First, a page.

... Although I did ride all winter. So far, since January I managed to squeeze almost 700 miles in. I did have or acquired suitable clothing and, although I can't say that I was always completely comfortable, neither can I say that I was ever terribly uncomfortable. If it was too cold, I just did a short ride (as few a short as 2.5 miles a few times) and back into a warm car or warm house.

    I'm glad I kept up. I'm stronger now than I was last year. Part of that is just the ongoing exercise. Part of it is riding a heavy, fully loaded bike (where I kept extra clothing and such) and part of it was pushing through some wet, sloppy, muddy trails...
    --------------------------------------
    bikes: 1992 Cannondale R500, 2012 Trek DS 8.5, 2008 LeMond Poprad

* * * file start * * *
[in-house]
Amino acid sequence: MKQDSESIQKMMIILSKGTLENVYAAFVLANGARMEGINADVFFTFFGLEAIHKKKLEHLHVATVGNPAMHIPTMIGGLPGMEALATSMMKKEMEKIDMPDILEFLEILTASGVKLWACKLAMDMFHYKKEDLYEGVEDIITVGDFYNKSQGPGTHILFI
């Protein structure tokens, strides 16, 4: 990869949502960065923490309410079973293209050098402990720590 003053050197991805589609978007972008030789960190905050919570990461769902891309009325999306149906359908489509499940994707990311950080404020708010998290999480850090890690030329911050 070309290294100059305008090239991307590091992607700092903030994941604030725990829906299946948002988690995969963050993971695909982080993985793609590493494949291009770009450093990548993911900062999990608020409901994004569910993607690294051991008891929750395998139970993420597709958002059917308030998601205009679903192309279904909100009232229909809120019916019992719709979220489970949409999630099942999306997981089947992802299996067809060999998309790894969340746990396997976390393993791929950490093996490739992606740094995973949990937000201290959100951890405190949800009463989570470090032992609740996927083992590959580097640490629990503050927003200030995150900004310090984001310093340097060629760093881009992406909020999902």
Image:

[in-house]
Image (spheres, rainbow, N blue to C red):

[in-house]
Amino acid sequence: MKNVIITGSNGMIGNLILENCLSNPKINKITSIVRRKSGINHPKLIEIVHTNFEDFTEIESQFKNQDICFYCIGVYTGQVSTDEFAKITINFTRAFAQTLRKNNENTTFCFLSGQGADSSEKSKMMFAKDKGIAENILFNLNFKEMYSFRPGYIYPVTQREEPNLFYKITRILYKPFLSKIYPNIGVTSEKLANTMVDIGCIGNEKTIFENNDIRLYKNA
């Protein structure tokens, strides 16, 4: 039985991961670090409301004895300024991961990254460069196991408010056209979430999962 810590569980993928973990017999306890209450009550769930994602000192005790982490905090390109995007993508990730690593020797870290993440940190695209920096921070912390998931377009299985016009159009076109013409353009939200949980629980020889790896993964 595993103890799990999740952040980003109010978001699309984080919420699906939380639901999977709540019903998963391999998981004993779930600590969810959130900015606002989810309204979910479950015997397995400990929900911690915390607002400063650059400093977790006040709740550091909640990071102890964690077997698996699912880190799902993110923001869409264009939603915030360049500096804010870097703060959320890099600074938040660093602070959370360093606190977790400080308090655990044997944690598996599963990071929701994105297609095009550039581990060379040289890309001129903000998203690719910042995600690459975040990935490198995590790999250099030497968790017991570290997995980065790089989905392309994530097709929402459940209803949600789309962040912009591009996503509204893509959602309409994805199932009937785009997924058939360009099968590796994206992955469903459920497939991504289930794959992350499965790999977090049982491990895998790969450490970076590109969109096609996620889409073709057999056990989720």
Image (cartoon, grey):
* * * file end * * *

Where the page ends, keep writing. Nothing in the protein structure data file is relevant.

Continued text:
6. #6
    Senior Member BlazingPedals's Avatar
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    I'm definitely a hibernator. I rode once in January, and once last week. Other than that, I've been off the bike since mid-November. I may start riding semi-regularly (as in, once or twice a week) next month.

  7. #7
    Senior Member zonatandem's Avatar
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    We moved from wet/cold/miserable winters in the Midwest of the US to sunny Tucson, Arizona (desert!) back in 1978.
    Never regretted the move. As we like to brag: we can ride 13 months out of the year!
    Agree some of our temps have been a bit extreme and set a couple records so far in 2013: a low of 18 degrees Fahrenheit and then a high of 94 degrees this week with 2% humidity.
    Summers can be 'warm' . . . 100 to 110 F is not unusual, for up to 30 days in the summer.
    This year also had snow (our 4th time in 35 years), a bit of rain, lotsa wind . . . OK, so no place is perfect, but this is close!
    Riding tandem today with friends and loads of wildflowers a-blooming!
    Send you some of our excess sunshine!
    Pedal on!
    Rudy and Kay/zonatandem

  8. #8
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    Quote Originally Posted by Gerryattrick View Post